Cerus Corporation (NASDAQ:CERS) closed Thursday’s trading session at $6.48, almost two weeks after it released its 2018 financial results including news of a record fourth quarter.

The company announced that its Q4 2018 product revenue was $16.5 million, just slightly higher than the $16.2 million that the company reported for the corresponding period in the previous year. Cerus had strong gains during the quarter, but then it was pulled down slightly by illuminator sales decline on a year-over-year basis. Illuminator shipments provided a healthy boost to product revenue in 2017 courtesy of an expanded supply agreement between Cerus, French National Blood Service, EFS and plasma kit orders.

Meanwhile, the product revenue for the entire year 2018 hit the $60.9 million mark which represents a 40% surge from the figure reported in 2017. Cerus also revealed that it earned $3.7 million in the form of government contract revenue from its agreement with the Biomedical Advanced Research and Development Authority (BARDA). This deal was made in Q4 2018, and the amount is slightly higher than the 2.4 million government contract revenue that the firm earned in Q4 2017.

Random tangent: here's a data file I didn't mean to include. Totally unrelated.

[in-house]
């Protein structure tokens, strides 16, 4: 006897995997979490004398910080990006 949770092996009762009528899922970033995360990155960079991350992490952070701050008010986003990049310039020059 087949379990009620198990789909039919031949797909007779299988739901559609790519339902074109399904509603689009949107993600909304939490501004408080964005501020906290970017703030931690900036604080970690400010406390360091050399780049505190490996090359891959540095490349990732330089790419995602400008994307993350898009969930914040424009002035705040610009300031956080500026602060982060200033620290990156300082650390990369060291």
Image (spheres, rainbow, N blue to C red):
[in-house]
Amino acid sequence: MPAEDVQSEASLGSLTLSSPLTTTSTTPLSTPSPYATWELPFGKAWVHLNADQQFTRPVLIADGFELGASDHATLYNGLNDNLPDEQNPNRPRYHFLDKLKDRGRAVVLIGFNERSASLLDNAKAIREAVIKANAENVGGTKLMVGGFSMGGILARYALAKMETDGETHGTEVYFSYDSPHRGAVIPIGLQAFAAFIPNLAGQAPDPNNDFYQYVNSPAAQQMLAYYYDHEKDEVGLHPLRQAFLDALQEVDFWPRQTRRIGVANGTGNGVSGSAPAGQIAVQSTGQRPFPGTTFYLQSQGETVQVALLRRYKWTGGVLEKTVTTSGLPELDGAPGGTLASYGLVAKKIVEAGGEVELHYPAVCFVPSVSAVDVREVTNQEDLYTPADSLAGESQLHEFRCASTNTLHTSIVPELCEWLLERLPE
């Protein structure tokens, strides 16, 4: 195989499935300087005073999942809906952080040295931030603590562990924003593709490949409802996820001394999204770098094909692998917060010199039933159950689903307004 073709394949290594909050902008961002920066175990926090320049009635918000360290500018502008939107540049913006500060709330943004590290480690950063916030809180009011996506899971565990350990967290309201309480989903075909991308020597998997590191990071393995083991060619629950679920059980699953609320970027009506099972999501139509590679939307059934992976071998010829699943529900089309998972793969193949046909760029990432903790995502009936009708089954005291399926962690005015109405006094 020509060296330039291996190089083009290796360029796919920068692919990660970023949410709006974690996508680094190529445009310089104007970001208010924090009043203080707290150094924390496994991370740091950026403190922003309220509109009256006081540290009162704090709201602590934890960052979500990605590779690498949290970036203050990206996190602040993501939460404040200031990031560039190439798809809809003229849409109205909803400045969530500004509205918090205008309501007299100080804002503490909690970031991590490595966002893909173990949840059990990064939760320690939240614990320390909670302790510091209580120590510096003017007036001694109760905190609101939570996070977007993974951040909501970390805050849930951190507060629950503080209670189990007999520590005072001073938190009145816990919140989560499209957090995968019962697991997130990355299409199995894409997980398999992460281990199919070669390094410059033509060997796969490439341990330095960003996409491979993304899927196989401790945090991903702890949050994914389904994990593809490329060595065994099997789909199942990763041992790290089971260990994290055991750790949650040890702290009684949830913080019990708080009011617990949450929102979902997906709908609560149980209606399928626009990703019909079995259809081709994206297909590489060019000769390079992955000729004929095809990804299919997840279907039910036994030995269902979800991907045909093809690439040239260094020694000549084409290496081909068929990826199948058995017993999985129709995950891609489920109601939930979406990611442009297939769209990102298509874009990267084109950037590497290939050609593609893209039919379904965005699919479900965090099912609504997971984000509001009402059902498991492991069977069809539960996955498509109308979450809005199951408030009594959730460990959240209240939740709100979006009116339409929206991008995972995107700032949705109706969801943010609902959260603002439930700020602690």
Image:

“Our recent momentum is expected to continue into 2019 as we push forward on our mission to establish INTERCEPT as the standard of care for transfused blood components globally,” stated Cerus CEO, William ‘Obi’ Greenman.

Cerus earned a total of $15.1 million in the form of government contract revenue from BARDA agreements in the fiscal year 2018. The amount was almost double the $7.8 million government contract revenue that the company earned in FY17.

The company’s Q4 2018 total operating expenses amounted to $27.3 million versus the $20.3 million reported in the corresponding period in 2017. Cerus’ full-year 2018 operating expenses amounted to $99.4 million compared to $86.3 million in the previous year.

Cerus reported a $16.2 million, or $-0.12 per diluted share net loss for the fourth quarter, 2018. This was slightly higher than the Q4 2017 net loss of $11.5 million, or $-0.10 per diluted share. The net loss for the entire year FY18 was $57.6 million, equivalent to $-0.44 per diluted share. This was, however, slightly lower than the $60.6 million equivalent to $-0.56 per diluted share net loss that the company reported in FY17.

Looking for the next Pfizer (PFE) or Johnson&Johnson (JNJ)? Take advantage of Kyle Dennis’ free biotech trader’s handbook and how he made his first $2.9 Million in the market. The smart money is pouring into this sector and you’ll want to grab a piece of this action! Which company is next to explode?